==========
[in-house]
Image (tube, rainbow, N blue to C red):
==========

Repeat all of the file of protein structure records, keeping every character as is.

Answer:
[in-house]
Image (tube, rainbow, N blue to C red):